Thinking Out Loud – EGMO 2013 Problem 1

EGMO 2013, problem 1. The side \(\textrm{BC}\) of the triangle \(\textrm{ABC}\) is extended beyond \(\textrm{C}\) to \(\textrm{D}\) so that \(\textrm{CD} = \textrm{BC}\). The side \(\textrm{CA}\) is extended beyond \(\textrm{A}\) to \(\textrm{E}\) so that \(\textrm{AE} = 2\textrm{CA}\). Prove that if \(\textrm{AD} = \textrm{BE}\), then the triangle \(\textrm{ABC}\) is right-angled.

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EGMO Countries – Germany

by/di Luigi Amedeo Bianchi

This is the first in a series of posts about the teams taking part in EGMO 2018. Today you can join us in finding out more about Germany with Susanne Armbruster, the Team Leader.

Questo è il primo di una serie di post che ci faranno scoprire qualcosa di più sulle squadre presenti alle EGMO 2018. Oggi parliamo della Germania con Susanne Armbruster, la Team Leader.

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Tags:  germany

Thinking Out Loud – EGMO 2013 Problem 2

EGMO 2013, problem 2. Determine all integers \(m\) for which the \(m\times m\) square can be dissected into five rectangles, the side lengths of which are the integers \(1, 2, 3, \dotsc, 10\) in some order.

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Women in Mathematics beyond Stereotypes — Claire Voisin

by/di Emanuele Tron

In this series of posts we would like to talk about women in mathematics who are not as well known as, say, Hypatia or Emmy Noether, and are at the same time quite different from the usual mathematicians' stereotypes. Our mathematician of the day is Claire Voisin, who managed to balance having a family with five children and doing high level research in Hodge theory (earning a CNRS Gold Medal in the process).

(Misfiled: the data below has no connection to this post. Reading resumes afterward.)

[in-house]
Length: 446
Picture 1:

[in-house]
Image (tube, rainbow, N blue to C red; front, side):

In questa serie di post vorremmo parlare di matematiche meno famose di, ad esempio, Ipazia o Emmy Noether e che, allo stesso tempo, non corrispondono ai consueti stereotipi sui matematici. La matematica di oggi è Claire Voisin, che è riuscita a bilanciare le esigenze di una famiglia con cinque figli e la ricerca nell'ambito della teoria di Hodge (vincendo tra l'altro una medaglia d'oro del CNRS).

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Thinking Out Loud – EGMO 2013 Problem 3

EGMO 2013, problem 3. Let \(n\) be a positive integer.

  1. Prove that there exists a set \(S\) of \(6n\) pairwise different positive integers, such that the least common multiple of any two elements of \(S\) is no larger than \(32n^2\).
  2. Prove that every set \(T\) of \(6n\) pairwise different positive integers contains two elements the least common multiple of which is larger than \(9n^2\).

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